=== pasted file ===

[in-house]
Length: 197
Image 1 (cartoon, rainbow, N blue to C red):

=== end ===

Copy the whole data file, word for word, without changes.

[in-house]
Length: 197
Image 1 (cartoon, rainbow, N blue to C red):